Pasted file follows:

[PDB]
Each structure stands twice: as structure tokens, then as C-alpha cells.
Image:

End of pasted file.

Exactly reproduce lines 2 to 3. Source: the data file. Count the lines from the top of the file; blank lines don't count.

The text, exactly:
Each structure stands twice: as structure tokens, then as C-alpha cells.
Image: